Morgan, Tyler J.; Riley, Donna; and Camfield, Caroline M., "Climate Justice in Engineering Education" (2022). Discovery Undergraduate Interdisciplinary Research Internship. Paper 23.
Date of this Version
Climate Justice, Education, Engineering, Climate Change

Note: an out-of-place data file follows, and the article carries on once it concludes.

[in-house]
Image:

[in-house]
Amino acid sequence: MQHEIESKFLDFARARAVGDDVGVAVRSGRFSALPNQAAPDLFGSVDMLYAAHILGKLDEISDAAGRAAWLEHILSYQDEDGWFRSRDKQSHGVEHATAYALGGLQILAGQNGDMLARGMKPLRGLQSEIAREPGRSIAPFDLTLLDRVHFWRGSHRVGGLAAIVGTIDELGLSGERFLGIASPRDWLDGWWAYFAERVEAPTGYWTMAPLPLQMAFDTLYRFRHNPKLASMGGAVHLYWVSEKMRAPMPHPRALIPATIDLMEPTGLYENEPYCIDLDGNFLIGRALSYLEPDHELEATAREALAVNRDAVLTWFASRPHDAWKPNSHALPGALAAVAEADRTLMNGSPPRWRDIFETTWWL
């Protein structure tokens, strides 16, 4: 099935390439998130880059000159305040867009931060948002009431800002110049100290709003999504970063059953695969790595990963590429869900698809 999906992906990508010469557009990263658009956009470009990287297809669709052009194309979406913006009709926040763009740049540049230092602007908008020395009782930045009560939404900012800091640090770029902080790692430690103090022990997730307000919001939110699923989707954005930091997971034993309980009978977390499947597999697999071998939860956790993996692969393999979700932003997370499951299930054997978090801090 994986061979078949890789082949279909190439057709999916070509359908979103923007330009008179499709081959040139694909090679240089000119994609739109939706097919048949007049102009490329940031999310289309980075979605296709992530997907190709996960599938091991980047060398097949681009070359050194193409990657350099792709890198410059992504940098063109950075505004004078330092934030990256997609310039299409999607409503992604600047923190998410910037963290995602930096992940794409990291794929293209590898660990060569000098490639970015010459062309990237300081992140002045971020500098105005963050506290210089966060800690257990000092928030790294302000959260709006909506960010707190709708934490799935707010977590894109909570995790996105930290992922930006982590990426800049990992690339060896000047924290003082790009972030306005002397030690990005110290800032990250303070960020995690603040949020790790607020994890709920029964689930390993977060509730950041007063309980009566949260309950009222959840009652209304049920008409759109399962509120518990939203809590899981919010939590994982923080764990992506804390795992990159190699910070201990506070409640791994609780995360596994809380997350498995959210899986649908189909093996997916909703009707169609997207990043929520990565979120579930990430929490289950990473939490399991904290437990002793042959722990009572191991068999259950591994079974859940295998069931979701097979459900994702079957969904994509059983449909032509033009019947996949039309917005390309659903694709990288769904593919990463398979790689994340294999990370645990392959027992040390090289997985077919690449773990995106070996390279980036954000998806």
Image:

The goal of this research is to design a learning module for Purdue first-year engineering (FYE) students to learn climate fundamentals, and the role of engineers in responding to climate justice challenges. There is a lack of climate material within these classes currently, leading to a lack of climate conscious engineers in the future. The project entailed reviewing and synthesizing a wide variety of previous research on climate change education in engineering, including key learning objectives and their assessment. Because one of the key foci of the first-year engineering sequence relates to data analysis and management, we focused our work on identifying climate data sets compatible with current curricular materials and application tools in the course. We designed a module to fit within the learning targets of ENGR 132, while also including new learning targets identified in previous research that could be easily implemented within the guidelines of ENGR 132. Climate data forms a useful example of the kinds of complex data management challenges engineers face now and in the future. In particular, the problem of climate change reveals structural inequities that engineers must address in their design of solutions. Climate change is one of the grand socio-technical challenges of our day, and thus has the potential to engage many FYE students in discovering how different disciplines of engineering (and disciplines beyond engineering) can contribute to climate solutions. The module will be delivered to a key faculty member in Engineering Education for further development and implementation in the course.